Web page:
Part of the mystery, or perhaps merely curiosity, of the "never COVID cohort" is that we have all likely been the victim of a "common cold." Many of those are caused by coronaviruses. Thus, one might expect that we would all carry T-cells to combat infection of SARS-CoV-2 (COVID-19). However, a molecular oncologist quoted in the MSN article notes that "some individuals maintain levels of cross-reactive immunity," and by implication he seems to suggest that not all of us "maintain" so well for some reason(s).
The conclusion is that further research will be needed regarding the "so-called never COVID individuals." The point of investigating their immune response will hopefully be a "better understanding of the immune response" and specifically "what facets of the cross-reactive response (prior T-cell reaction and retention) are most important." There is hope that such knowledge may enable scientists to better formulate future vaccinations, with broader capabilities and less susceptibility to the challenges of virus variants and mutations.
That said, there is also suggestion that some portion of the "never COVID cohort" is instead blessed with individual genetic make up. This may have import both in whether one becomes infected and in the extent or nature of resulting symptoms. One expert is quoted claiming "variations between people's immune systems 'makes a difference, at least to whether or not you get symptomatic disease.'" Some current focus is on the human leukocyte antigen genes and the potential they have to impact a human immune response. Thus, there are perhaps innate advantages some enjoy in the COVID battle.
A side note to the study in which people were purposely exposed but only 50% contracted COVID-19, is the detection of infection. The researchers noted that the virus tends to be detectable "first in the throat," rather than the nose. While the "peak levels" were higher in the nose, detecting the virus there was possible only about 18 hours after it was detected in the throat. This may explain some of the challenges that people have cited regarding negative tests. MSN notes that testing only nostrils presents some risk of "missing infectious virus early in the course of infection."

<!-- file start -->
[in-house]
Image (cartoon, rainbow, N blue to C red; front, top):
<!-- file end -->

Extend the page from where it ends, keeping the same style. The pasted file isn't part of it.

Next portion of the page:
The end result is likely that more research will be pursued. There will be exploration of the ability to retain T-cells and thus be better prepared for any coronavirus. There will likely be exploration of the process of vaccination composition and administration. There will be studies regarding DNA and the potential for some viral insusceptibility based upon genes. There will undoubtedly be further advocacy for vaccination and boosters. There seems fairly broad agreement regarding both efficacy and advisability. 
For my part, I do sincerely hope you will catch a cold, just in case. 
By Judge David Langham
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    About The Author

    • Judge David Langham

      David Langham is the Deputy Chief Judge of Compensation Claims for the Florida Office of Judges of Compensation Claims at the Division of Administrative Hearings. He has been involved in workers’ compensation for over 25 years as an attorney, an adjudicator, and administrator. He has delivered hundreds of professional lectures, published numerous articles on workers’ compensation in a variety of publications, and is a frequent blogger on Florida Workers’ Compensation Adjudication. David is a founding director of the National Association of Workers’ Compensation Judiciary and the Professional Mediation Institute, and is involved in the Southern Association of Workers’ Compensation Administrators (SAWCA) and the International Association of Industrial Accident Boards and Commissions (IAIABC). He is a vocal advocate of leveraging technology and modernizing the dispute resolution processes of workers’ compensation.